If you haven't got any, you haven't got any.
    Simple.


    Relatives medals are just that

    I am very proud of the sacrifice that my family
    has made during times of war, my Nan not having
    a husband to share her life with and watch their
    children grow up and my Mum not having her Dad
    to walk her down the isle on her wedding day
    and to share the joy at the birth of her children,
    his Grandchildren. I am not just proud of my
    Granddad but of these two women who would
    be there every remembrance Sunday to honour a
    man they loved dearly, they also paid the ultimate
    sacrifice. I guess its each to their own at the end
    of the day and these may not be my medals
    but if by wearing my Granddads medals at
    remembrance services keeps the memory of
    their sacrifice alive then I’ll keep wearing them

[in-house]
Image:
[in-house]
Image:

and I will be bloody proud to do so.

    I am sorry but this has got to me, so what are
    your thoughts on Christina Schmid the widow
    of Olaf Schmid the recent bomb disposal expert
    killed in Afghanistan, she proudly wore her husbands
    medals on his return to the UK and rightly so,
    so in your eyes should these medals just
    remain in a draw?


    My brother has just joined the army and my
    son is adimante that he is going to join the army
    when he leaves school in under 2 years and
    I tell if the unthinkable was to happen and prey
    to god it never does, I would proudly display
    my gratitude to their sacrifice.


    "Simple" I think is a flippant remark and I am sure
    the hundreds of widows and relatives that wore